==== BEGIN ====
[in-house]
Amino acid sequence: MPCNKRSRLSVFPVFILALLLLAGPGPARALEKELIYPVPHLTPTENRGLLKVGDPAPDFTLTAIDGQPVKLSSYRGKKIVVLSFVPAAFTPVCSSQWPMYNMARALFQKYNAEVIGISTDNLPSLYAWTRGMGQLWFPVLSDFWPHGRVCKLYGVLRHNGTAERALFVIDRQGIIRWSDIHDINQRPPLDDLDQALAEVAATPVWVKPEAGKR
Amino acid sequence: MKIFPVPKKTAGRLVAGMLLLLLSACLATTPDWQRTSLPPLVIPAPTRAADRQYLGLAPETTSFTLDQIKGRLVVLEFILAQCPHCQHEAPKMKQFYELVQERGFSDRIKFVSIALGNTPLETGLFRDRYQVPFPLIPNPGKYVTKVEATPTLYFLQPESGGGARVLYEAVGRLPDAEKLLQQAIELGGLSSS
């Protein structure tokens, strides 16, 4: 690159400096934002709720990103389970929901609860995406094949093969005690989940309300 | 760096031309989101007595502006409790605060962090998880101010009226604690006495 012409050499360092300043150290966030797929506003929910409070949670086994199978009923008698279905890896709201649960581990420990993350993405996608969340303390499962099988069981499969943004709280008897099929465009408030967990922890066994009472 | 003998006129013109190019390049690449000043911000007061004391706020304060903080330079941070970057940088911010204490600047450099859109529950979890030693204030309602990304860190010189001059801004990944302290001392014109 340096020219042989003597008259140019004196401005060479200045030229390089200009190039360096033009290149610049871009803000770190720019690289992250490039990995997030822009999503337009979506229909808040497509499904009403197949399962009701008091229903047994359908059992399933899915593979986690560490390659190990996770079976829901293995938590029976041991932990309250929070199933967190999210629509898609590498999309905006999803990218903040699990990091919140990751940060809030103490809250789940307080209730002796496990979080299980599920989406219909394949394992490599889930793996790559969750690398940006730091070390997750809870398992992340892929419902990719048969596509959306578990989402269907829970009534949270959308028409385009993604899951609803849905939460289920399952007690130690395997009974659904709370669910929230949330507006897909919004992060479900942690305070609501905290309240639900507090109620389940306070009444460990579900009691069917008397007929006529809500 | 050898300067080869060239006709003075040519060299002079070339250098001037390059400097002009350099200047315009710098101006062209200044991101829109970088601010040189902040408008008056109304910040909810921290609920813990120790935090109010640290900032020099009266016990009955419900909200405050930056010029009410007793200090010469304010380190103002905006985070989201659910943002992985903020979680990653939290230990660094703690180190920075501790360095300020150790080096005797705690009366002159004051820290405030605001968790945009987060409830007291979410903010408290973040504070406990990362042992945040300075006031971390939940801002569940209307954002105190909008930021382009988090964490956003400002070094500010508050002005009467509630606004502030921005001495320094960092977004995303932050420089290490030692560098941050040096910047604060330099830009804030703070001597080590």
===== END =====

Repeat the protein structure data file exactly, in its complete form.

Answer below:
[in-house]
Amino acid sequence: MPCNKRSRLSVFPVFILALLLLAGPGPARALEKELIYPVPHLTPTENRGLLKVGDPAPDFTLTAIDGQPVKLSSYRGKKIVVLSFVPAAFTPVCSSQWPMYNMARALFQKYNAEVIGISTDNLPSLYAWTRGMGQLWFPVLSDFWPHGRVCKLYGVLRHNGTAERALFVIDRQGIIRWSDIHDINQRPPLDDLDQALAEVAATPVWVKPEAGKR
Amino acid sequence: MKIFPVPKKTAGRLVAGMLLLLLSACLATTPDWQRTSLPPLVIPAPTRAADRQYLGLAPETTSFTLDQIKGRLVVLEFILAQCPHCQHEAPKMKQFYELVQERGFSDRIKFVSIALGNTPLETGLFRDRYQVPFPLIPNPGKYVTKVEATPTLYFLQPESGGGARVLYEAVGRLPDAEKLLQQAIELGGLSSS
């Protein structure tokens, strides 16, 4: 690159400096934002709720990103389970929901609860995406094949093969005690989940309300 | 760096031309989101007595502006409790605060962090998880101010009226604690006495 012409050499360092300043150290966030797929506003929910409070949670086994199978009923008698279905890896709201649960581990420990993350993405996608969340303390499962099988069981499969943004709280008897099929465009408030967990922890066994009472 | 003998006129013109190019390049690449000043911000007061004391706020304060903080330079941070970057940088911010204490600047450099859109529950979890030693204030309602990304860190010189001059801004990944302290001392014109 340096020219042989003597008259140019004196401005060479200045030229390089200009190039360096033009290149610049871009803000770190720019690289992250490039990995997030822009999503337009979506229909808040497509499904009403197949399962009701008091229903047994359908059992399933899915593979986690560490390659190990996770079976829901293995938590029976041991932990309250929070199933967190999210629509898609590498999309905006999803990218903040699990990091919140990751940060809030103490809250789940307080209730002796496990979080299980599920989406219909394949394992490599889930793996790559969750690398940006730091070390997750809870398992992340892929419902990719048969596509959306578990989402269907829970009534949270959308028409385009993604899951609803849905939460289920399952007690130690395997009974659904709370669910929230949330507006897909919004992060479900942690305070609501905290309240639900507090109620389940306070009444460990579900009691069917008397007929006529809500 | 050898300067080869060239006709003075040519060299002079070339250098001037390059400097002009350099200047315009710098101006062209200044991101829109970088601010040189902040408008008056109304910040909810921290609920813990120790935090109010640290900032020099009266016990009955419900909200405050930056010029009410007793200090010469304010380190103002905006985070989201659910943002992985903020979680990653939290230990660094703690180190920075501790360095300020150790080096005797705690009366002159004051820290405030605001968790945009987060409830007291979410903010408290973040504070406990990362042992945040300075006031971390939940801002569940209307954002105190909008930021382009988090964490956003400002070094500010508050002005009467509630606004502030921005001495320094960092977004995303932050420089290490030692560098941050040096910047604060330099830009804030703070001597080590």